Paul spotted me taking a photo of this and said “a sketch of a stapler?”.
“Why not?” I replied. “I’ve sketched your old boots before,” I told him.
“You could have taken a photo.”
“Nah – no skill in that.”
“Thanks!” he said, pretending to be offended.
Well, if photographer mocks an artist for what they choose to draw, they ought to expect to be mocked in return!
Archive for November, 2009
Paul spotted me taking a photo of this and said “a sketch of a stapler?”.
Last year Paul and I bought a pair of ergonomic armchairs, and we decided we needed to stop tripping over the piles of books, craft materials and magazines on the floor and get some side tables and a magazine rack. We headed to a local furniture store thinking we’d get something to match the wood colour of the chairs… and were rather amused to find that a simple, old-fashioned magazine rack would cost us $400.
We could have looked for something cheaper, or second hand – or Paul could have made one (he was declaring that he would as we left the shop) – but I had a little ‘brainwave’. There’s a liquor store near us that sells the wooden boxes that some wines and whisky come in. I’d seen bookcases made out of fabric-lined packing cases in InsideOut magazine, but these boxes were much nicer.
So we bought a couple and, with me doing the painting and varnishing and Paul doing the woodwork, we ended up with this:
Which cost 2 x $10 per box, plus varnish and some wood scraps we had lying around. We liked it so much, that we put together this to replace the old three-baskets-on-wheels plastic thing I was using for a side table and to hold my current wips:
Which, admittedly, took us several months to put together, as there was a holiday between the start and finish. Some of the boxes are painted, some are lined with wrapping paper. I particularly like the box with the sliding lid, that I turned into a ‘cupboard’ and painted red inside as a nice surprise when you open it. And the narrow box on top holds knitting needles and other tools.
We’re still working on these:
Which I’ve varnished, and just need to line with fabric and stick felt to the bottom. They’re going to hold Paul’s vinyl albums.
After that? Well, there’s room for a small bookcase against one wall. We have a couple of leftover larger style boxes (like we used for the magazine rack) and some of the narrow single bottle ones with sliding perspex lids. And I have some wonderful, though well crinkled, 50s/60s era newspaper pages that had been used to wrap something in storage, which will make great lining.
Since I was a child I’ve gone through major crafty obsessions. They usually last about six years. First it was pottery, then sewing, the silk painting, oil painting, and then knitting. At the same time there were brief flirtations with other crafts and hobbies, like calligraphy, wood carving, dyeing, and spinning, but they never held my attention like the obsessions did.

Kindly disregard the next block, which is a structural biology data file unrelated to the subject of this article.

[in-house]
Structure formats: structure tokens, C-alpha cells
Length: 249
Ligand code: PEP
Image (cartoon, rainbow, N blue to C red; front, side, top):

My obsession with sewing taught me a valuable lesson: don’t force yourself to continue with a hobby after the thrill is gone. After having made a lot of my clothes in my mid teens and early twenties, and even doing a course on making my own patterns, I was pretty committed to this hobby. Then one day my ex pointed out that I always got in a foul mood when I was sewing, and I suddenly realised that he was right – I wasn’t enjoying sewing any more. In fact, I now hated it. I’d pushed myself to continue with the sewing for far too long, bothered by my huge fabric stash and the long list of projects waiting to be made.
Eventually I gave away and sold most of my fabric stash and patterns. But I do still occasionally bring out the sewing machine to whip up something simple. Like these:
Pyramid door stops, made with calico and cotton tape, and stuffed with wheat from some extra wheat bag hotties that I wasn’t using. They’re much easier to nudge into place with your foot than those little wooden wedges.
Having learned from my sewing hobby, I know not to get so hung up on the size of my yarn stash or to-do list of projects that I spoil the fun of knitting. And I also know from my silk painting hobby that there really is a point where you (and your friends and family) already have more than enough scarves. That’s when it’s time to try something new. And probably find something else to get obessed with.
But that doesn’t mean I’ll never sew/paint/knit again.
After showing off my notepads and notebooks to Paul, who was dutifully impressed, I got to thinking… what next? There are so many thin cardboard or heavy paper items that could be recyled into notebooks. Postcards! Old calendars! Bookmarks! Birthday cards! Magazine covers! But the first thing that caught my eye when I went back to my work table was the left over page of the paint catalogue. I could see immediately that it had potential.
It turned out to be a lesson in the limitations of the method. Basically, whatever is at the bottom of the strip will be on the front of the notepad. I managed to get all three to fold in a flattering way. The first one is hilarious, as there is text indicating the colours used in the room, and they are ‘clay bake’, ‘jodphurs’ and ‘self destruct’:
Next I decided to try old calendars. As I noted above, I’d worked out that pictures with the interesting details at the top won’t work so well. This one would produce a notepad of a hand and cat’s foot, for instance:
But the tiled example pictures on the back are ideal:
Slice, cut, trim:
Fold, staple… and I have four more notepads in three different sizes:
By this time I’d worked the notepad bug out of my system, but I now have many more ideas for incorporating recycled materials into bookbinding and paper projects. And considering the time of year, my habit of always keeping the previous year’s Christmas cards might come in handy…